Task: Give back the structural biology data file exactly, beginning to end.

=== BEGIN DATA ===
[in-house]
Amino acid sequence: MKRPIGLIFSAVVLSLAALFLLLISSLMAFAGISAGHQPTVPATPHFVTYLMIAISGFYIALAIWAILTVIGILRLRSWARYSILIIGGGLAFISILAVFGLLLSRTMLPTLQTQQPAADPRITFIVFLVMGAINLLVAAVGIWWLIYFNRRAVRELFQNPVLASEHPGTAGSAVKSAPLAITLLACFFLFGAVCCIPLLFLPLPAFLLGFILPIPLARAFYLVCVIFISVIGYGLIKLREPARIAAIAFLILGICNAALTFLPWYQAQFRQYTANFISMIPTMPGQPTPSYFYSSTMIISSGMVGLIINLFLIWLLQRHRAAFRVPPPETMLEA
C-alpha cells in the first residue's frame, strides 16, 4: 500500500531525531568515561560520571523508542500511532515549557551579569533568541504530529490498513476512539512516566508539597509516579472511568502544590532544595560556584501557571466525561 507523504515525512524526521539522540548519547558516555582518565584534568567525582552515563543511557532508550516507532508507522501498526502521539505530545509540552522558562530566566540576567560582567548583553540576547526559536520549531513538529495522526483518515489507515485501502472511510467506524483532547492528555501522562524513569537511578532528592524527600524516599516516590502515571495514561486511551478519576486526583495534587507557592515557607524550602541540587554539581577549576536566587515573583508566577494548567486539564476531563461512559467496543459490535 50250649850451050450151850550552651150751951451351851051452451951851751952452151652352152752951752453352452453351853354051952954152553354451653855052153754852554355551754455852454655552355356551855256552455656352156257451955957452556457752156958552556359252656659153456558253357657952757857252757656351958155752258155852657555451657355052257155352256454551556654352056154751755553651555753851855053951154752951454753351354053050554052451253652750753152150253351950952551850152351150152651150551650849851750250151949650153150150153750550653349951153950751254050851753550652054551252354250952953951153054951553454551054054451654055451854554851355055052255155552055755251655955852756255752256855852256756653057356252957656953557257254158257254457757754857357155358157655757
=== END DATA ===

[in-house]
Amino acid sequence: MKRPIGLIFSAVVLSLAALFLLLISSLMAFAGISAGHQPTVPATPHFVTYLMIAISGFYIALAIWAILTVIGILRLRSWARYSILIIGGGLAFISILAVFGLLLSRTMLPTLQTQQPAADPRITFIVFLVMGAINLLVAAVGIWWLIYFNRRAVRELFQNPVLASEHPGTAGSAVKSAPLAITLLACFFLFGAVCCIPLLFLPLPAFLLGFILPIPLARAFYLVCVIFISVIGYGLIKLREPARIAAIAFLILGICNAALTFLPWYQAQFRQYTANFISMIPTMPGQPTPSYFYSSTMIISSGMVGLIINLFLIWLLQRHRAAFRVPPPETMLEA
C-alpha cells in the first residue's frame, strides 16, 4: 500500500531525531568515561560520571523508542500511532515549557551579569533568541504530529490498513476512539512516566508539597509516579472511568502544590532544595560556584501557571466525561 507523504515525512524526521539522540548519547558516555582518565584534568567525582552515563543511557532508550516507532508507522501498526502521539505530545509540552522558562530566566540576567560582567548583553540576547526559536520549531513538529495522526483518515489507515485501502472511510467506524483532547492528555501522562524513569537511578532528592524527600524516599516516590502515571495514561486511551478519576486526583495534587507557592515557607524550602541540587554539581577549576536566587515573583508566577494548567486539564476531563461512559467496543459490535 50250649850451050450151850550552651150751951451351851051452451951851751952452151652352152752951752453352452453351853354051952954152553354451653855052153754852554355551754455852454655552355356551855256552455656352156257451955957452556457752156958552556359252656659153456558253357657952757857252757656351958155752258155852657555451657355052257155352256454551556654352056154751755553651555753851855053951154752951454753351354053050554052451253652750753152150253351950952551850152351150152651150551650849851750250151949650153150150153750550653349951153950751254050851753550652054551252354250952953951153054951553454551054054451654055451854554851355055052255155552055755251655955852756255752256855852256756653057356252957656953557257254158257254457757754857357155358157655757